'Lexi, why can't they stay home with the Dad then.'
'Because he has to go to work. Oh, and I need to take him to the station. I can't work now.'

And so it went. I sat on the couch watching my three year old daughter already playing out the struggle so many of us are battling with nowadays. Gone are the days when a woman expected to marry and have children and if not, she would live as a spinster, most likely a dutiful daughter taking care of her aged parents in her childhood home. If she got to study or choose a career, it would be in nursing, teaching or as a secretary. The world is our oyster now. We are encouraged to study hard at school and after, we play sports and have music and dance lessons, or learn to horse ride or ski. We care about our looks but not only because we need them to 'catch a husband'. We buy clothes which express who we are and want to be, we experiment, we take chances, we get to explore the world. We choose careers which not that long ago were not avenues open to women. We believe we can do it all. We buy our own cars, houses, go travelling, start businesses. We feel that the world is open and exciting, a whole adventure waiting for us.

If we are lucky, we find love - in one form or another - maybe more than once. We might have our hearts broken or break a heart ourselves. We take our time if we want to, or we rush into love headfirst. Sometimes we get married and our lives don't change too much, or we feel more settled and buy a home together. And then maybe there are children, and things slowly change.

Suddenly there is the question of childcare and who should take care of them during the day. Should one parent stay home and put their career on hold ? Can both parents be more flexible with their hours and pressures so as to juggle ? Are there grandparents or friends who can take share the load ? Should a nanny be hired, or a housekeeper or an au-pair. Should we use daycare ?

And so we go through the myriad of choices. If we give up work, we might be thrilled to be home or we might feel lost and isolated (not to mention poor). We might find a new confidence and identity, or we might feel we have lost one. We might thrive or we might sink into depression and sadness and feel we have lost our way. Some of us might want to stay home but have to go to work. Some women might love working and being home and find it impossible to have to choose. Some might be able to create just the right balance of working from home, or part-time or not every day of the working week.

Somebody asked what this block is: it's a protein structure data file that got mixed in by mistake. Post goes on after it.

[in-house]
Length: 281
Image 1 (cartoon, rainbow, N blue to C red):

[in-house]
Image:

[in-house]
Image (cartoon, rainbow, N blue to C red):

As I watched Lexi struggle with her many children and extended family and the logistics of where everyone needed to be, how she could fetch and take and shop and care for, but also have her job at the bakery ... I was thinking that at 3 she is already aware of some of these issues facing us grown up women today. She and Hayden were discussing it all as part of the game. We have the odds stacked up against us in many ways, us women - not to complain - we have the freedom of choice (mostly) and for that I am eternally grateful. But there is still so much pressure - from businesses for those of us who work to be reliable, present, not distracted by family emergencies and sick children. To be focused and driven. Pressure from society seems to me to go both ways. Women should re-enter the workforce but 'the best place for a child is with his / her parent' is also a line I come across often. There is no perfect solution. Every family is different. Every woman is different. And so are their children.

It seems to me that we as woman keep making our camps - those who are home, those who are working. Instead of acknowledging that life as a mother is beautiful and complicated and wonderful and hard, that we all battle with certain things and find other things second nature .... that the choices we make are hard enough already - fitting in family, work, time to oneself, career, dreams for one's life, travel, family vacations, nutritious meals, school activities ... maybe instead of judging each other for our choices we should be trying to support each other. For our differences. For our decisions which may or may not be popular or easy to understand. For the very different life experiences we  have all had. For the need to be flexible, to change the pattern every now and then as we figure out what works and what doesn't, for ourselves and for our families.

It's a process, it takes time, it's a constant juggling act. For all of us. The issues we battle with may differ. The working mom might feel stretched thin and always rushing, with never enough time on her hands. The stay-at-home mom might feel like her life has passed her by, that she's not connected to the adult world any more, that part of herself has gotten lost as her days get a bit monotonous doing laundry and cleaning.

As I watched Lexi stressing and eventually sitting down in a huge heap on the floor after Hayden fired her for not doing her job properly, and saying 'I'm not playing anymore' I thought to myself how we all need support and lifelines to each other - suggestions, ideas, a helping hand, a new map for unchartered territory. How we're so much stronger together. How i hope for her that by the time she's grown up and making these choices for herself, navigating these waters of work and family and home (if she marries and if she has children),  that things are a little easier. That her expectations are realistic, that she knows that no matter the choices, something will be sacrificed and that that's ok. That it's not forever, any of this - it's a chapter in our lives - and that she will hopefully have support no matter how she decides to live her life.